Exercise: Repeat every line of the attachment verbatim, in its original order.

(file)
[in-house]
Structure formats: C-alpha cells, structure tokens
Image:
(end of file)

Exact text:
[in-house]
Structure formats: C-alpha cells, structure tokens
Image: